What it's Really Like Working for a Startup
I once shared some office space with a startup that hit a $5.5 billion valuation shortly before it was revealed that they defrauded investors by inflating their sales numbers. The founders were investigated and eventually indicted.
One of my friends worked for a startup that was working on a new round of funding when one of the co-founders died unexpectedly. The other co-founder and employees floundered, and the whole thing eventually fell apart.
One startup I worked for raised a couple million dollars and then hit a wall. With little traction and mounting debts, two of the founders had to push out two of the other founders to cut costs and narrow their focus. That was…awkward…to say the least.
My point is, when you work with startups, you learn to expect anything. This makes for interesting work, but it's not for everyone. In this post, I share some stories to illustrate this issue and help you decide whether you're cut out for the life of a startup employee.
Technical Content for Software Startups
Draft.dev creates blog posts and tutorials designed to reach software engineers. Stop begging your engineers to write and start producing more content today!
A Year of Content Marketing for My Startup
"It took a year of consistent work on the Draft.dev blog, but we're starting to get a steady stream of leads through our content efforts now. Here are a few things I've learned about building a content marketing strategy through the process."
Wufoo vs. Google Forms
Web forms were already common when I first joined the workforce, so I can only imagine how messy it was working with printed forms to collect and organize data. Online forms are a game changer, but now the problem is choosing the right one.
What to Expect from a Coding Bootcamp
Having taught at several of the local bootcamps here in Chicago, there's a clear line between the coding bootcamps that are a rip off and those that might be worth your time and money.
How I Work
"This might feel obvious, but if I'm at a dead end on something then I'll just put it down for a bit. No reason to idle on something that's not clicking. The human mind operates on parallel tracks and even when something's on the back-burner, some part of your head'll still ponder it and come up with something later."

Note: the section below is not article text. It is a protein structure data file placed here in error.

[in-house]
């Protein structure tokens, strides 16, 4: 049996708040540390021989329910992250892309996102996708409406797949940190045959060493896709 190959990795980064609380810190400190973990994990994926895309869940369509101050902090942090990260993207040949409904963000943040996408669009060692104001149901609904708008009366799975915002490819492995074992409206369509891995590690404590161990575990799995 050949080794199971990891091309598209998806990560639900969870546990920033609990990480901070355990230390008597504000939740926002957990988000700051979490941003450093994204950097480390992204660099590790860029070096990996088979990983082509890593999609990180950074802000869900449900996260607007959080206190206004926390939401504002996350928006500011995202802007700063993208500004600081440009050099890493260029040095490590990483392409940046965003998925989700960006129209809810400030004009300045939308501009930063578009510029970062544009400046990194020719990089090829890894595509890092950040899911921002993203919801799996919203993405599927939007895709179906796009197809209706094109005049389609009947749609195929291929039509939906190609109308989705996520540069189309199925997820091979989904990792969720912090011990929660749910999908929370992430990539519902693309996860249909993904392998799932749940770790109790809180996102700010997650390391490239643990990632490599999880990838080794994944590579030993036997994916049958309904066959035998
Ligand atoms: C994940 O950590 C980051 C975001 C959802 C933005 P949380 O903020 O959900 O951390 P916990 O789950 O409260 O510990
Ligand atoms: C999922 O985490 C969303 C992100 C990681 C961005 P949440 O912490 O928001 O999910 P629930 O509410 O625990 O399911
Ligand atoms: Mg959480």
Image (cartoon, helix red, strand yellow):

A big list of Developer Discords
As Discord picks off market share from Slack (at least in some areas), here are 70+ Discords for software developers to join.
Cookie Banners Might Finally be Going Away
A new browser standard proposed here could eliminate the need for companies to place annoying cookie banners on their content. I believe these banners are a net negative right now, so this would be fantastic.
How to implement multi-tenancy
Multi-tenancy is a huge challenge is enterprise SaaS. I've never had to build it myself, but I still found this guide quite interesting (whether you're using FusionAuth or not). It's a model worth understanding because it's very common in large SaaS products.
Makers vs Managers: The Battle Over Remote Work
"Makers can thrive in their roles rather than serving as seat warmers in another meeting. Managers can embrace disconnection too; hours once used for jumping from meeting to meeting can be reserved for strategic thinking and planning. In remote-first companies, everyone has the potential to do their best work by embracing a schedule that centers on focus."
How To Actually Boost Low Self Esteem & Stop Procrastinating
"The people who focus on limitations will have more of them. Even if they are valid. We pick the data from our minds to confirm what we already believe to be true of ourselves and the world."